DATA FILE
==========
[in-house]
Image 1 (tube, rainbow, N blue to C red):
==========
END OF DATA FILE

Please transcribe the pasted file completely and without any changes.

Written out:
[in-house]
Image 1 (tube, rainbow, N blue to C red):